It is challenging to participate in this reflection —  to recognize the immense amount of resources that we are privy to and the distinctive opportunity to undertake endeavors that can create meaningful change on our campus, throughout the city and even in the world. The power of speech and protest is not one that I, or any Vanderbilt student should take for granted. Nevertheless, our campus has taken on a complicated conflict that materially impacts a small portion of students with the unnecessary expectation for everyone to take a side. 

It is challenging to participate in this reflection —  to recognize the immense amount of resources that we are privy to and the distinctive opportunity to undertake endeavors that can create meaningful change on our campus, throughout the city and even in the world.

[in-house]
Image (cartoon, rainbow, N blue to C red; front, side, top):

For anyone contending with the hardships occurring all over the world and in our own communities, I hope that you find the outlet to express yourself in a positive and productive manner and encounter support systems who will hear and listen to your concerns. I also wish that individuals and organizations on this very campus can recognize their privilege and maintain respect for each other’s experiences and viewpoints. As a community that is supposed to share the common values of acquiring knowledge and bettering the world for those around us, we must step back and acknowledge our fortunate position. It feels to me like we are progressively allowing polarization to get the best of us and squandering this distinctive opportunity to celebrate our diversity of opinion and experience. Ultimately, we, as a campus community, should aspire to find common ground and work towards cooperation, not divisive factionalism — a challenge that starts with realizing our privilege.